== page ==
Your ratings: NHS trusts

Page last updated: 12 May 2022
Organisations we regulate

After an inspection, we rate NHS trusts for the quality of care overall and for our five key questions: are they safe, effective, caring, responsive and well-led?

For non-specialist acute trusts, we also give a rating for the trust’s use of resources, and award a combined rating for the trust based on the combination of the six trust-level ratings.

We award ratings on a four-point scale: outstanding, good, requires improvement, or inadequate.

It is a legal requirement for all providers to display CQC ratings.

We decide all ratings using a combination of aggregating the core service ratings and the professional judgement of inspection teams. We provide ratings at different levels and we use a set of ratings principles to help us to determine the final ratings.

Ratings characteristics

Each rating is based on our assessment of the evidence we gather against the key lines of enquiry in the assessment framework for health care services and, for relevant non-specialist acute trusts, the use of resources assessment framework. Inspectors refer to the corresponding ratings characteristics for the key lines of enquiry and use their professional judgement to decide on the rating.

When deciding on a rating for services, the well-led key question or use of resources, the inspection team asks:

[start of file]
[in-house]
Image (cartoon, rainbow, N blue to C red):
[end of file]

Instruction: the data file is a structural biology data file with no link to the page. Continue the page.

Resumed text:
• Does the evidence demonstrate a potential rating of good?
  • If yes – does it exceed the standard of good and could it be outstanding?
  • If no – does it reflect the characteristics of requires improvement or inadequate?

A core service or trust doesn’t have to demonstrate every characteristic of a rating for us to give that rating. For example, if a trust demonstrates just one of the characteristics of inadequate but it has significant impact on the quality of care or on people’s experience, this could lead to a rating of inadequate. On the other hand, even providers rated as outstanding are likely to have areas where they could improve. In the same way, trusts don’t need to demonstrate every one of the characteristics of good in order to be rated as good.

Inspection teams use the ratings characteristics as a guide, not as a checklist or an exhaustive list. They take into account best practice and recognised guidelines, and assure consistency through CQC’s quality control process.